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Tuesday, Dec. 11, 2007

Cabinet pair issue car-top plea to horde at Shibuya

Staff writer

In a rare show of desperation, Chief Cabinet Secretary Nobutaka Machimura and Defense Minister Shigeru Ishiba stood atop a van Sunday in the crowded main intersection of Tokyo's Shibuya district, urging public support to pass the special antiterrorism bill now stranded in the Upper House.

News photo
Chief Cabinet Secretary Nobutaka Machimura (holding microphone) exhorts the public Sunday afternoon in Tokyo to support the special antiterrorism bill being deliberated in the Diet. At right is Defense Minister Shigeru Ishiba. MASAMI ITO PHOTO

"We are giving everything we've got to resume the (Maritime Self Defense-Force's) refueling activities in the Indian Ocean," Machimura told the crowd outside JR Shibuya Station. "The refueling activities have been truly appreciated internationally."

Pundits say it is extremely rare for Cabinet ministers to give soapbox speeches except during election campaigns and shows how much the Liberal Democratic Party-New Komeito ruling bloc wants to get the opposition-led Upper House to pass the bill.

Machimura, foreign minister for about a month under Prime Minister Shinzo Abe, recalled meeting Afghan President Hamid Karzai in September.

"Karzai took my hand and pleaded for (Japan) to continue the refueling activities," Machimura said. "Grasping my hand firmly, Karzai said (the refueling activities) are a major source of strength for the Afghans."

Ishiba stressed that 93 percent of the world's opium is produced in Afghanistan, and money from narcotics is funding terrorists.

"A normal war is between two countries, where both fight with all of their might," Ishiba shouted into the microphone. "But in (terrorist wars), the sacrificed are those who are the weak, the civilians who are killed without reason. Terrorism denies all of the values that many countries, including Japan, treasure — freedom, democracy, human rights, freedom of religion."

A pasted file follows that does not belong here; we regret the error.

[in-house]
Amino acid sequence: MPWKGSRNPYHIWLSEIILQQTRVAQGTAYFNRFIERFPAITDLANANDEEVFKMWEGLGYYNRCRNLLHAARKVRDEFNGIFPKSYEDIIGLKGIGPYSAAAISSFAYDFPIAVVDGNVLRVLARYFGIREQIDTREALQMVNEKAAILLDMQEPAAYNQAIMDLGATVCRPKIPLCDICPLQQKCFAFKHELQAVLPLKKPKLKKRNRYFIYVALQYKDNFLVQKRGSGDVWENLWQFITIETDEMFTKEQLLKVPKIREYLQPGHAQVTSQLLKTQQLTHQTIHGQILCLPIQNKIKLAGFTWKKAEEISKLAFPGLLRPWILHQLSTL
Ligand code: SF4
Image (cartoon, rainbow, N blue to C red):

The Diet enacted a special law soon after the Sept. 11, 2001, attacks in the U.S. to enable the MSDF to provide fuel and water to multinational naval ships engaged in the U.S.-led Operation Enduring Freedom-Maritime Interdiction Operation. But the MSDF activities ended at the start of last month when the special law expired amid the divided Diet. Ichiro Ozawa, leader of the Democratic Party of Japan, has repeatedly stressed that the OEF-MIO is not officially authorized by the United Nations and thus is unconstitutional. The ships returned to Japan last month.

Machimura urged the public to look back 17 years, when Japan provided ¥1.6 trillion to the allied coalition that evicted Iraqi invaders from Kuwait during the Gulf War but received little appreciation for what was called checkbook diplomacy.

"It is common sense in the world that in order to be accepted as part of international society, you need to (take action) with other nations," Machimura said.

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The Japan Times

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